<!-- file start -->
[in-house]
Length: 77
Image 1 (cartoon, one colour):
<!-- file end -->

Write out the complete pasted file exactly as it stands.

[in-house]
Length: 77
Image 1 (cartoon, one colour):